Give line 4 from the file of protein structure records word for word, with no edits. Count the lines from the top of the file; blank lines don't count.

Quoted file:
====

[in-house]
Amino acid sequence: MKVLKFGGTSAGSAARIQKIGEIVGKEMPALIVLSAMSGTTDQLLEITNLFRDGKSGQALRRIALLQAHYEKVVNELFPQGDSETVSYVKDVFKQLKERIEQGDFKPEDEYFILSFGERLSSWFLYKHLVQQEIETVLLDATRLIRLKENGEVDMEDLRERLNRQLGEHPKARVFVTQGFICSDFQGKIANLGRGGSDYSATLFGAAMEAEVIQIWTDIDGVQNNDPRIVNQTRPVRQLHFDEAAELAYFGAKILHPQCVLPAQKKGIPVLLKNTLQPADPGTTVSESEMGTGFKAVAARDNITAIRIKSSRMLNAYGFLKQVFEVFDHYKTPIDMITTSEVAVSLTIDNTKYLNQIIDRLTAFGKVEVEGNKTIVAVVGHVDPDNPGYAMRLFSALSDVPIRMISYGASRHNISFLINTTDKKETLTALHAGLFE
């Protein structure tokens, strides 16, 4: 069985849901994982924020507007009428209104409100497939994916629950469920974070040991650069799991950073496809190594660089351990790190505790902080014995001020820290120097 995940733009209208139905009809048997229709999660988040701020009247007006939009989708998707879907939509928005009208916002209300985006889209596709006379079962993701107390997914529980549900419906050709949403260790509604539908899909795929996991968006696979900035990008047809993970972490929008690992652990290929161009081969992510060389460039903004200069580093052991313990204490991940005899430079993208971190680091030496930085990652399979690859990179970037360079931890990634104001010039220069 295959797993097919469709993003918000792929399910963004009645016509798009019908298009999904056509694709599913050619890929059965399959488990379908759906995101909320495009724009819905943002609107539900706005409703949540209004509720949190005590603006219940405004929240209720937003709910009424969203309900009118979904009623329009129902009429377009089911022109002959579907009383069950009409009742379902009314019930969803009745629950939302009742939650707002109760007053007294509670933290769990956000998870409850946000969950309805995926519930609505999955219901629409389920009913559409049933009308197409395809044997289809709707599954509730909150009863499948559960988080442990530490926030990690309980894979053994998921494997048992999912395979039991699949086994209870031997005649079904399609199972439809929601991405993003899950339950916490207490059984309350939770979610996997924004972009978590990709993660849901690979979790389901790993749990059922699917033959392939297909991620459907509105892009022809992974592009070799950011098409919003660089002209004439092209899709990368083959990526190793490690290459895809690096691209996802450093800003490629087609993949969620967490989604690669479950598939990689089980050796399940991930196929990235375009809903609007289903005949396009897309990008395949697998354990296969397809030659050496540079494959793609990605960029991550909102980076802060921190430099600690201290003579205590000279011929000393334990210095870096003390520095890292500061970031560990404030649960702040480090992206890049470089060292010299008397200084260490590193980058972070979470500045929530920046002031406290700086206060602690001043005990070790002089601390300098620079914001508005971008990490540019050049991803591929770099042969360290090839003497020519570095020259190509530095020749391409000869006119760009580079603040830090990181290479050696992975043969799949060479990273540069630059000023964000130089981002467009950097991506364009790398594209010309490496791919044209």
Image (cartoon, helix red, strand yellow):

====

Image (cartoon, helix red, strand yellow):